His brother Newton, about three weeks old, and his sick mother, were taken through a window onto the roof of a shed and into a ferry boat. in which the family escaped to safety. After this experience, Boling Feltz's father sold his property and moved his family to a farm in Smith County, near Lancaster "where he would not again be subjected to such destitution by high water."
    Boling Feltz remembered his grandfather Josiah as an "old primitive Baptist, Hardshell." "For forty-five or forty-six years he continuously toiled and struggled in that new country, felling trees, building cabins to shelter his little brood and their dear, faithful mother. Facing the battle of life in the hot sunshine and the cold blasts of winter, with poor implements to cultivate the soil, with no strong hands to aid him or skilled tutor to advise and instruct him, this little man fought bravely the battle of life ... and won a victory. In 1850, grandfather owned 200 acres of land ... He built a comfortable home, had a fine apple orchard and many other things to compensate him for his hard struggle."
    It's not clear why but, in the middle of the 19th century, the Marchbankses living in Tennessee decided to sell up and to begin a new life in Texas. There were two migrations, in 1850 and 1851, both led by matriarchs of the family.
    In the spring of 1850 Josiah decided to sell his house and property and move to Ellis County, Texas. Soon after the sale of his land, however, he died and his widow, the former Margret Sophronia Cannon, who was then nearly seventy years of age, took charge of the expedition, to Texas.
    She took with her, eight of her sons: William, James Calvin Claiborne, Jonathan, George, Ransom, Alexander, Jasper and Josiah Bailey, all in their late twenties or thirties, Also travelling with her were her daughter Ellenor (Mrs. Thomas W. Fowler), and Ellenor's children Margret Ann, 14, Sarah Jane 10 and William, 8.
    The second exodus was led by Ann Feltz Sullivan, then about sixty-five years of age, Boling-Feltz's maternal grandmother. Her grandfather, James Sullivan, was an Irish soldier who fought in Washington's army in the American Revolution. For his services he was awarded a large tract of land on the Cumberland River in Tennessee which became known as Sullivan's Bend.
    Ann's caravan included, in addition to "several negroes:" Thomas and his wife Pauline Sullivan and their five children, Boling Feltz, aged 11, Newton, 8, Victoria Ann, 5, Alfonso Calvin, 3, and Josephine, a few weeks old; Burton Marchbanks and his bride Mary Emmeline Vance; and P.A. Thomason, who had married Ann's daughter Amanda, and their young daughter Elizabeth Ann.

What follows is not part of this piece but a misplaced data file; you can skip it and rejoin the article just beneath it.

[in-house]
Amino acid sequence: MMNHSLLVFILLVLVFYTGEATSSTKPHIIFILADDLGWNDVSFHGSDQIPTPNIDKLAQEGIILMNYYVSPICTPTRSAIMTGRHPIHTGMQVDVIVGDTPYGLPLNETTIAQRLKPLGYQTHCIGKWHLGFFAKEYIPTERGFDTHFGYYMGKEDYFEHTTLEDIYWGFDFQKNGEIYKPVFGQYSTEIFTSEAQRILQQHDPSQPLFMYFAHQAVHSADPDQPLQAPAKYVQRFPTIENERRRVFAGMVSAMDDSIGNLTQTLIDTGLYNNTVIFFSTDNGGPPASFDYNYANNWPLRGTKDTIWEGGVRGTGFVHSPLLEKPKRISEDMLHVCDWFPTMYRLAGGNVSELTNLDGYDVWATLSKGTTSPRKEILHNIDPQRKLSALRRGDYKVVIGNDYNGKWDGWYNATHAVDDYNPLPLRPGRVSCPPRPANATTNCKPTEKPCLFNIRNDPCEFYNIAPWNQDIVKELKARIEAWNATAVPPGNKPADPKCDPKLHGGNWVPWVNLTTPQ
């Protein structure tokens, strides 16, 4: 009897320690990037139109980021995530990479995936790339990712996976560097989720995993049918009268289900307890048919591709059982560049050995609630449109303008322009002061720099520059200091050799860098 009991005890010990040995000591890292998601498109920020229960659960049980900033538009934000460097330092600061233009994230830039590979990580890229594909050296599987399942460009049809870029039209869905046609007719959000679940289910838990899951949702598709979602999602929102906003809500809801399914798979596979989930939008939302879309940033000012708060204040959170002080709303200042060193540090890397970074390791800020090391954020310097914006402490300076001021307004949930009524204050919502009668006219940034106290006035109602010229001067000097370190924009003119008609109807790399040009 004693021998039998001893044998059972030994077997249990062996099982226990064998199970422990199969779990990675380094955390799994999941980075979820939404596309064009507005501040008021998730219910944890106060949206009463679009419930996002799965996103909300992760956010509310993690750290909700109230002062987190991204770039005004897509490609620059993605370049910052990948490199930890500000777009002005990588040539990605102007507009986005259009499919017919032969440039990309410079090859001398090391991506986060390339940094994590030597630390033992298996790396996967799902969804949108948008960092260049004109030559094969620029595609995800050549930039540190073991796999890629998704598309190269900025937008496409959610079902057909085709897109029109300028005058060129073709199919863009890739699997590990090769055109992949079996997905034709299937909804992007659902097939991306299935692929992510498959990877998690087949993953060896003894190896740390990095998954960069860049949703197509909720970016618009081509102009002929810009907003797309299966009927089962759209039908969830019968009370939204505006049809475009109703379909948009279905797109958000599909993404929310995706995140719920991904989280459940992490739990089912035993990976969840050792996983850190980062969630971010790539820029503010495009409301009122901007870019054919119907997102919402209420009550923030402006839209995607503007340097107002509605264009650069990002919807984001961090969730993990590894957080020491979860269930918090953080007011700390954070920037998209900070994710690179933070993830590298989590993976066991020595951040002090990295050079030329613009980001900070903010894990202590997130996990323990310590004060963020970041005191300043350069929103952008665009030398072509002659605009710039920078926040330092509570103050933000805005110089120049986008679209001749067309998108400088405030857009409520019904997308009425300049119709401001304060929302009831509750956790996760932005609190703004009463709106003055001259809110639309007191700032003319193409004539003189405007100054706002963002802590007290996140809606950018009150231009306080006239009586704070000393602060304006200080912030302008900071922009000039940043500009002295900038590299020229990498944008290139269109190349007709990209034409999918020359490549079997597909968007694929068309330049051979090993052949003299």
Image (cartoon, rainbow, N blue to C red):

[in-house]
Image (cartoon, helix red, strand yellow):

Boling Feltz describes the equipage in which Ann and her followers made the journey:
    "My grandmother came in an old-fashioned barouche, drawn by a good-sized iron-grey horse driven by Uncle Jim, an old Negro man." in addition she had one four-horse team driven by "old Uncle Jacob, one of the best men I ever knew, also a Negro."
    The others rode in all-purpose vehicles called "carry-ails," drawn by a variety of horses, ponies and mules. The overland trip to Ellis County, Texas took thirty days.
    "Without any serious accident," Boling Feltz writes, "we crossed the Trinity River at a little village called Dallas. The great City of Dallas of today was then in embryo."
    On about October 15, they reached a point on Red River Creek, now called Red Oak, where they were reunited with grandmother Margret Sophronia Marchbanks whom they found in a little cabin, with all her children living nearby.
    Margret had bought about a thousand acres on the south side of Waxahachie Creek, about three miles from the town of Waxahachie. She sold this property two or three years later and she and the children who had come with her from Tennessee moved to Johnson County where she bought a tract of land near Cleburn. There she built a small brick house in which she lived for several years. Later she sold the house and lived with her children. She died in Jasper's house in 1874, more than ninety years of age.
    Ann Feltz Sullivan, the other migrating matriarch, on arriving in Texas in 1851, bought a 300-acre farm, and died there a year later.